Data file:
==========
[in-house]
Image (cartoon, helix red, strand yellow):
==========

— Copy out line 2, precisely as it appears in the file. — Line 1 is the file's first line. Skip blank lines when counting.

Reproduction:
Image (cartoon, helix red, strand yellow):